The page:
SHETLAND Islands Council is set to rejig the way it invests its reserves in a bid to get better returns.
Councillors agreed on Wednesday to introduce direct lending into its investment strategy, meaning that money will be lent to medium sized UK and European companies over a five to ten year period.
Over 12 per cent of the council’s £334 million of investments in its reserves will also be re-routed into “diversified alternatives” through lending in infrastructure, real estate and private credit projects over the long term.
A meeting of the full council heard that the current investment strategy is returning around 6.5 per cent a year, with the new approach set to reach the target of 7.3 per cent overall.
The council expects to draw down around £13 million per annum from its reserves.
Finance manager Jonathan Belford said the investment strategy had not been reviewed for some years, with consultants KPMG asked to devise options for how the council could boost its returns.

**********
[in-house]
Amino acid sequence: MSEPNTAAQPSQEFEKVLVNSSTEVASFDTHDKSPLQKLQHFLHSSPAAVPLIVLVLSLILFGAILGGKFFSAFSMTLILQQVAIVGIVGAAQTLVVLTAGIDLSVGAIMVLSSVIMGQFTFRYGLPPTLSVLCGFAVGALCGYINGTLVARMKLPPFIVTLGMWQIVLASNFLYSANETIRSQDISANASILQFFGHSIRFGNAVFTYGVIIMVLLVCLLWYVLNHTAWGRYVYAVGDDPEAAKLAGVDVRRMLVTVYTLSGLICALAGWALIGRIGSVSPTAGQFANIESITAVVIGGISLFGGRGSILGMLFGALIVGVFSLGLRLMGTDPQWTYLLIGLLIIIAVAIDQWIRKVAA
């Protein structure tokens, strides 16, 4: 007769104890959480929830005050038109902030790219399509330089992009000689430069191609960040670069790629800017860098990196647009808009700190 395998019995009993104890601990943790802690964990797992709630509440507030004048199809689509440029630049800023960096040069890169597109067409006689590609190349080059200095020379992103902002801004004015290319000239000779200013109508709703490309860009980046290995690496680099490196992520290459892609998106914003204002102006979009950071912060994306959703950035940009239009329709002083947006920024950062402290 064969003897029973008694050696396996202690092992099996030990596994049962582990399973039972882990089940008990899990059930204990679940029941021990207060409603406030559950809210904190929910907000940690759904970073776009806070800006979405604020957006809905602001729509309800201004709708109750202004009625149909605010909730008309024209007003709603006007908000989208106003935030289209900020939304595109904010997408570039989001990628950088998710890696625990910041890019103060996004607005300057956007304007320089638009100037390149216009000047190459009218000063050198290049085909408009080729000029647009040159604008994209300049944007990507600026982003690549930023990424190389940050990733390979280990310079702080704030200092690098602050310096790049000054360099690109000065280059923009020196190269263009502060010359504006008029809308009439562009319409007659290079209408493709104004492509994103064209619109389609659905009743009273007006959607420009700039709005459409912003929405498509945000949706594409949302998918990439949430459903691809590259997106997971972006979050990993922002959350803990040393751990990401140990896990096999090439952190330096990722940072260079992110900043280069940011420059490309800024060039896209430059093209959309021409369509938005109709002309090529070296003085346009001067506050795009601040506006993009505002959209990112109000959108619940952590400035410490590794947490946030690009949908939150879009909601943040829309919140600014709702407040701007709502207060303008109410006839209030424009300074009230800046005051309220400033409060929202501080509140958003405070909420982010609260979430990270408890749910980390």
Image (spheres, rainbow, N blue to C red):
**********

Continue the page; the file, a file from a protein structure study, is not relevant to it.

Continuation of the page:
The council is expected to spend around £500,000 on fund manager fees as the new set-up is implemented.
The new strategy will keep 60 per cent of the reserves tied up in equities between two fund managers.
Councillors were on hand to ask questions about the new scheme, with Lerwick South member Peter Campbell wondering what would happen if the council lent money to a company which then went bust.
KMPG advisor Andy Singh said there are specialists who would aim to recover as “much money as possible” if that situation arose.
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